And before I know it, the engine leaps out from where it parks, having decided that it is time to depart, for it was already running late. It is, you’ll realize, extremely unfunny when you’re some 20 metres away from a million tonne railway engine hauling a billion tonne train, and when the said engine-and-train abruptly decide they’re going make a lunge towards you.

Yes, so 20 metres are perhaps 20 metres too many. But there still is the small matter of registering the engine’s pounce, activating instinct-of-self-preservation, leaping off the track, panting, recovering, immediately recognizing the fact that you still have to get into the train, reactivating instincts-and-reflexes, commanding whiny legs to run back like crazy, braking at just the right moment, turn around in an instant, start running in the other direction and simultaneously leaping into the speeding train.

All ended well, as you’ll have guessed by now – the episode culminated in a new world record for the aforementioned series of actions.


I pry my eyes open, and push the white bedsheets away. There’s mild, slight light outside the window. The watch shows a quarter to 5. I mutter a ‘huh?’ to myself. The train’s stopped. I slowly, sleepily totter to the door.

Tis New Tinsukia, under an hour from destination. There’s a gentle, soft sunlight that’s spread on the clean platform that’s hardly peopled. The station clock confirms that it indeed is a quarter to 5. It takes a while to realize that I’m now so far east that the day begins and ends much sooner – it really should be in a different time zone.

The compartment, fully occupied from Delhi till yesterday night, is only one-third or so full now. Everyone around has gotten off at various points of time in the night. No matter how often you’ve travelled, how often you’ve seen the here-today-gone-the-next-station nature of train travellers, you can never really help feeling vacant, weird when you wake up to see empty berths and seats, vacant luggage-less aisles. This, even though the infinitesimal familiarity you have with your-fellow travellers is further diluted by your parking at the door most of the journey.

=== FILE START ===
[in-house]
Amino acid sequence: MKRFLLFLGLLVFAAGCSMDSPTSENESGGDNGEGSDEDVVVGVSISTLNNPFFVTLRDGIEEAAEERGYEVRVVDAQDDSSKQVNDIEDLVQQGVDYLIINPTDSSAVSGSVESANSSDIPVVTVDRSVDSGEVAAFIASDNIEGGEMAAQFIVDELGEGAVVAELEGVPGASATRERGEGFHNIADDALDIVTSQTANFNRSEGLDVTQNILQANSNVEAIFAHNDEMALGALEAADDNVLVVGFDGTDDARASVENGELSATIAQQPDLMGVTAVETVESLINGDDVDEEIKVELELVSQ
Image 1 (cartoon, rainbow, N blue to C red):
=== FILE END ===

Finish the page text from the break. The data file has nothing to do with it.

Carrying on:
Dibrugarh arrives at5:35 am. Getting to the Easternmost point on the Indian Railways has an Everest-ish thrill while map-gazing, while fantasizing. Reaching Dibrugarh for real doesn’t have the adrenalin-and-excitement of the fantasies – there’s a calm, an understated peace about it that makes you feel content about all that’s come on the way. I look out from the door as the train squeals slowly through the suburbs of the town. I realize I don’t quite know what to expect from Dibrugarh Town. I mean, hey, so it’s the Easternmost point on the Indian Railway. But what’s an Easternmost-point-on-a-railway *supposed* to look like? And what is one supposed to do, having gotten to the Easternmost-point-on-a-railway?